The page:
Herodotus and Egyptian women: the construction of female behaviors in the second logos of Histories

Nathalia Monseff Junqueira


 Aiming at the presentation of new possibilities in studying the women in the Classical Antiquity involving the discussions of the Cultural History, gender studies, identity and subjectivity of the historical subjects, we have chosen as a source of such article the work of Herodotus from Halicarnassus, the Greek historian, who wrote Histories in the fifth century B.C. Our intention is to analyze the selected passages in Book II in which the Egyptian women are presented in several situations, searching for evidences that this historian would support an ideal of a woman which could be part of the imaginary of a great deal of the Greek male population. Thus, we intend to demonstrate the way female behavior is represented in our source and how varied feminist social practices could be present in the same imagined would for women in ancient world.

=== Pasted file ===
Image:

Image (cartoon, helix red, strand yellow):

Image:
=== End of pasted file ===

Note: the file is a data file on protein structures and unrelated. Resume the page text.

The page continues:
Egypt; Greek; Ancient History; gender, Herodotus.

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DOI: http://dx.doi.org/10.31669/herodoto.v3i1.346


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Universidade Federal de São Paulo

Escola de Filosofia, Letras e Ciências Humanas
Departamento de História
Estrada do Caminho Velho, 333 - Bairro Pimentas
CEP:07252-312 - Guarulhos - São Paulo - Brasil
Heródoto - ISSN Eletrônico - 2448-2609